The National Oceanic and Atmospheric Administration is testing out a new, marine drone called DriX this summer to help survey fish populations in the waters off Alaska’s coast. The new technology could transform the work it does, from stock assessments for fisheries to marine mapping.
The DriX is essentially an unmanned, robotic boat, and looks kind of like the top part of a bright red submarine just visible at the water’s surface. There’s a couple ways to control it – from the research vessel Oscar Dyson, or remotely, using Starlink satellite internet.
“It’s probably about two and a half feet wide total, about 24 feet long, and it’s powered by a diesel engine,” said Alex De Robertis, a biologist with NOAA Fisheries.
De Robertis said DriX is a big first for the agency – and there’s not much technology like it anywhere else.
“Five years ago, you couldn’t do this,” he said. “Ten years ago, this was science fiction.”
That’s because although DriX is physically small, it has big potential for transforming the way researchers complete stock assessments for Alaska’s fisheries.
A pod under the vessel is equipped with sonar equipment that sends pulses of sound out into the water. The signals bounce back when they reach something – think of it like a high-tech fish finder.
Scientists can then combine that data with data from trawl surveys to get a better picture of the midwater column, where fish like pollock are typically found.
NOAA also plans to use DriX for coastal mapping.
“The basic idea here is that the ship and the robot are going to be side by side working in the same area,” said De Robertis. “The robot is going to make half the acoustic measurements and the ship is going to trawl where it sees fish and where the robot sees fish.”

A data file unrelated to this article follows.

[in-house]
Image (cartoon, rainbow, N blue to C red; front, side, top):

Scientists have only tested out the DriX in Puget Sound. This summer is a big trial run, though. The DriX will be used in the Gulf of Alaska for the first time – and in tandem with research teams completing midwater stock assessments aboard the Oscar Dyson. Researchers will compare the data to see how the DriX performed.
When the DriX isn’t in use it will be stored on the deck of the Oscar Dyson. That’s another big part of this summer’s test run – to see how feasible it is to actually use the marine drone in Alaska.
“How do we do this launch and recover it from a ship and, and sort of incorporate it in all of our operations? And really, the only way to do that is to actually do it,” said De Robertis.
If it all goes according to plan, the DriX might end up being a regular part of the surveys in the future.